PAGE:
The CSIRO Organic Geochemistry of Mineral Systems Cluster was officially launched this week at Curtin University’s Resources and Chemistry Precinct.
Led by Director of WA-Organic and Isotope Geochemistry at Curtin, Professor Kliti Grice, the Cluster team will combine local mineral system knowledge with internationally recognised skills in organic geochemistry to provide the latest tools and technologies to assist Australia’s mineral explorers.
Professor Grice said the combination of expertise would build a unique base in Australia that would work to understand the crucial role played by organic compounds and processes in the formation of Australia’s major metal deposits.
“The combination of skills required to develop this research is now available for the first time within Australia. Therefore, the Cluster will seek to bring together local mineral system knowledge, with international skills in organic and stable isotope geochemistry,” Professor Grice said.
“The Cluster will deliver outputs that are essential to the integration of organic geochemistry and inorganic chemical systems in ore deposits.
“By working closely with CSIRO’s Minerals Down Under National Research Flagship and harnessing the multidisciplinary expertise of a large global network of leading geochemists, researchers in the Cluster will carry out fundamental research in the organic geochemistry of mineral systems, a very exciting and new scientific sub-discipline, internationally.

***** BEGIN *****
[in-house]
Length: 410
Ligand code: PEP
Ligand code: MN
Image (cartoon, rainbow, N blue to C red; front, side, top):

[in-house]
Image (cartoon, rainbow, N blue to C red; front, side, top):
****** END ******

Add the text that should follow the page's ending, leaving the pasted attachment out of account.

“What this new understanding will bring us is an improvement in minerals exploration success so Australia can continue to meet expected strong future global demand for our metals.”
In her opening address, Curtin Vice-Chancellor, Professor Jeanette Hacket, acknowledged the significant emphasis and importance the University, as a lead partner in the research cluster, places on partnerships.
“Curtin University has a long history of successful partnerships with industry and government and it is through these collaborations that the University builds upon its research strengths,” Professor Hacket said.
“Using the increased network capability brought by the partners in the CSIRO Organic Geochemistry of Mineral Systems Cluster, findings will be disseminated more widely and are therefore likely to have greater impact – which is essential for the breadth and scope of this project.”
The CSIRO Mineral Systems Cluster combines $3 million funding from the CSIRO National Research Flagships Collaboration Fund with a matching in-kind contribution from Curtin University, The University of Western Australia, The University of Melbourne and The Australian National University.
Andrea Barnard, Public Relations Consultant
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